People who own homes or businesses in this area don’t think much about their floors once those surfaces are installed. After all, when a building’s construction is complete, floors mostly take care of themselves, aside from some cleaning or occasional washing to deal with a spill.
However, in a flooding situation, this is where things get serious. A flood unleashes a devastating amount of water damage to nearly every aspect of a building, from the electrical systems to the floor itself.
So if a flood hits your property, what happens to your floor? Can it be salvaged?
The Materials Question
One of the biggest considerations when assessing the potential for a floor to be recovered is the type of material the floor is made of. In general, there are porous materials—which admit water easily—and nonporous substances—where water can’t penetrate. Unsurprisingly, nonporous materials tend to be more resistant to water damage.
But floors come in various materials, from synthetic materials to natural substances like stone that need to be carved to traditional materials like wood that have been used for generations. Each one of these has different reactions to water and therefore receives different treatment when formulating a recovery process.
Can Carpets Be Saved?
Of all the materials used on floors, carpet is most likely written off as a “lost cause” and requires a full replacement. This is because carpet, whether using natural or synthetic materials, is still fibrous and extremely water absorbent, the price carpet pays for being such a soft, plush material.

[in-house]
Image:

Unlike rugs, which are smaller and can be moved to new locations and dried out from top to bottom, carpet may be made of thicker materials and come in layers. When that much flooring material is wet, it’s unlikely to be safely recovered and is probably a mold hazard.
Saving Tile Flooring
Unlike carpet, tile floors, whether synthetic, such as vinyl, or natural materials like marble, are sturdy materials that handle water well. However, while the tile surfaces themselves are often resistant to water, the real trick with tile flooring is the grout that sits in the seams between tiles.
If too much water has penetrated the grout and gotten into the layers of flooring beneath the tiles, then the sub-flooring may need repair, even if the tile itself can be easily recovered.
What About Hardwood Floors?
Many people love hardwood floors both for the warm look they provide a room and their temperature compared to stone surfaces. However, if they do suffer from flood damage, they can be recovered, provided that a proper, comprehensive drying out process is observed.
In the case of hardwood floors, while it’s true that wood can be absorbent, unlike fabric, it can also be thoroughly dried out, retaining little moisture. As long as proper hardwood floor recovery procedures are used, and the process begins quickly, these floors can be recovered.
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If your home or business has suffered flood damage, Capital Property Recovery can help. We have many years of experience serving local residents with complete restoration services. Contact us 24/7 for a prompt, professional response.